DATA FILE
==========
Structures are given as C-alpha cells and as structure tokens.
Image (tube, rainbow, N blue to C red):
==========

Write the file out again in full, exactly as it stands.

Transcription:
Structures are given as C-alpha cells and as structure tokens.
Image (tube, rainbow, N blue to C red):